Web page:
Bay Area rains: Trouble everywhere

Torrential rains struck all over the Bay Area, creating all kinds of havoc, especially with traffic and trees, faster than first responders were comfortable with. We spent a long day on the roads, finding trouble almost everywhere. It was a tour of the Bay in disaster mode.

Interstate 580, northbound and southbound, was completely closed in the area of the Oakland Zoo as pooling floodwaters made safe transit impossible. Additionally, a tree fell into the path of traffic on top of a vehicle. Traffic was rerouted, but the backup was monumental as Caltrans crews tried to clear it.

At the junction of Highway 238 and the Nimitz Freeway, the ramps were deep and getting deeper. Highway 101, near South San Francisco's Oyster Point, was completely shut down for hours as heavy rain and a high bay tide made the road an impassable submarine.  San Francisco airport passengers, returning home from the holidays had yet another major obstacle to overcome.

Many other places in San Mateo County and San Francisco had issues. 

On 22nd Street and Potrero in San Francisco, a tree came down by SF General's Urgent Care Building, one of many throughout the region, some of which were waked by drought and fell due to saturated soils.

With the ground now fully saturated, the water really has nowhere else to go and, as a result, you're going to see a lot more of this, in this storm and the next ones coming, and that is local flooding. 

"This is the first one since about 1969; the last big flood we have had," said San Leandro resident Dean Dalton. 

MORE COVERAGE: Multiple Bay Area cities with flooding conditions, road closures, power outages, & evacuations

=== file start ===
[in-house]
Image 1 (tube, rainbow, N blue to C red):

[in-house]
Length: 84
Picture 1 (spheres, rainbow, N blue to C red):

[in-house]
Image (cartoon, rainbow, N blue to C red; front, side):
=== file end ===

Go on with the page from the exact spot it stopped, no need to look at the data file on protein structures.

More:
In San Leandro, Chapel Circle flooding surprised everyone, even a man who's lived here all his 69 years. 

"This is the worst it flooded maybe four or five times," said Mr. Dalton.

The CHP's computer dispatch site lists all current road-related problems. This includes everything from traffic accidents to flooding, to rock and mudslides, to high winds as well as vehicle or roadside fires, Hazmat spills, dropped household and industrial items, and even animals in the roadway dead or alive. 

On normal Saturdays, less than ten incidents at one time are common. On this Saturday morning, it was in the 90s to the 130s; all at one time; heavily taxing first responder services throughout the entire morning and well beyond. 

"Based on the sheer volume of calls, the number of solo vehicles outs that we're seeing, very indicative of too many people driving fast in the rain," said CHP officer Andrew Barclay.

All too many heavy rain traffic collisions happen because of overconfidence and false bravado. 

"There's always people out there…that think that they are the exception to that, that they can drive faster in the rain, or they're a good driver, or that they have four-wheel-drive, and they can drive however they want because their vehicle is going to compensate for them," said Barclay.

Bottom line: slow and easy does it.